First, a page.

Congratulations to our Ecuador Volcanoes team for their successful Whymper Peak Summit today at 6,268 m (20,564 ft)!! Luke, Zack and Estalin have reached the summit of Chimborazo, Ecuador’s highest peak! Chimborazo’s location along the earth’s equatorial bulge makes its summit the farthest point on the Earth’s surface from the Earth’s center (aka closest to the sun). This challenging climb with many technical challenges provided spectacular views across the many glaciated peaks in the Andes mountain range. Today on this crystal clear day, we could see Colombia in the north and the Pacific Ocean to the west. Our team is now back in Quito where they enjoyed their celebration dinner. Estalin, Luke and Zack are enjoying their last couple days in the capital city of Quito, experiencing the rich culture and beautiful Spanish colonial architecture.
Thank you Estalin Valladolid for the beautiful photos across Ecuador and great leadership throughout! Cheers team!
Luke and Zack starting to walk to Base Camp Stubel near Chimborazo.
Rise and shine! Alpine start on Chimborazo summit day.
Luke and Zack on their final push to the summit of Chimborazo!
Last steps to the summit of Chimborazo, in the background you can see Veintimilla Summit at 6,230 m (20,440 ft).
Whymper summit at 6,268 m (20,564 ft) In the back on the right you can see Cotopaxi!
Cloud layers rolling in over Luke and Zack.
Descending from Veintimilla Summit at 6,230 m (20,440 ft).
Descending from the summit of Whymper peak, the background Ilinizas, Cotopaxi, Cayambe and Antizana.
After the summit of Chimborazo, Luke Zack, and Estalin eating rabbit and guinea pig in Quito.
Today our Ecuador climbing team had a relaxing day on Quilotoa Lake, a water-filled caldera that is also the most western volcano in the Ecuadorian Andes. The day was filled with gorgeous panoramic views and blue skies as Estalin, Luke and Zack prepare for the ascent of Chimborazo tomorrow! Tonight the team will be organizing gear and preparing for the next day’s climb to our high camp on Chimborazo. On summit day, the team will begin to climb before dawn, and reach the summit of Chimborazo (20,560ft) shortly after sunrise with good weather conditions. The summit of Chimborazo is the closest point to the sun and provides climbers a spectacular mountain top view!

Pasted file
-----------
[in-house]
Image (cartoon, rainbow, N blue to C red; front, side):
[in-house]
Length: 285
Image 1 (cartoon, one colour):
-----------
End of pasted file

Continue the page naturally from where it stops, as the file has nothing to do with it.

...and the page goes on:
Estalin Suárez Valladolid continues to share his beautiful photographs shown below of this amazing journey through Ecuador! Enjoy 🙂
Our team waiting for lunch, Luke looks hungry!
Luke and Zack enjoying the descent!
Luke and Zack spending time exploring near Quilotoa Lake!
Luke and Zack taking in the beautiful country side near Chimborazo!
Team bonding at the lodge!
Stunning view from Quilotoa Lake, only a day of relaxation before Chimborazo!
A short walk up to Cerro Chalata near Chimborazo lodge.
Summit of Cerro Chalata at (4,230 m/13,874 ft)!
Congratulations to Luke, Zack and Estalin for successfully making it to the Summit of Cayambe Volcano at 5,790 m (19,000 ft)! Cayambe Volcano is located in the Cordillera Central, a gorgeous range of the Ecuadorian Andes in northern Ecuador. Our climbing team came together as a team and safely pushed through the clouds all the way to the top of this Holocene compound volcano! Prior to this exciting summit push our team was able to relax and enjoy the scenic city of Otavalo surrounded by the peaks of Imbabura 4,630 m (15,190 ft) and Cotacachi 4,995 m (16,388 ft).
Now back in the city of Hacienda Guachala, the team is resting before departing for Estrella del Chimborazo Lodge at 4,000 m (13,125 ft). Estalin, Luke and Zack will organize gear and prepare for the next day’s climb to our high camp. Stay tuned!
Estalin’s photos are shared below, enjoy!
We stopped at the monument called the Mitad del mundo (middle of the world) that is said to be the “only real” statue located right on the equator!
The indigenous Otavaleños are famous for weaving textiles, usually made of wool (that is sometimes as black as a raven), which are sold at this famous market in Otavalo city. Luke and Zack were able to find beautiful souvenirs here!